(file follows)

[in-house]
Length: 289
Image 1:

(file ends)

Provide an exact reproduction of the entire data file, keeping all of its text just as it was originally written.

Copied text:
[in-house]
Length: 289
Image 1: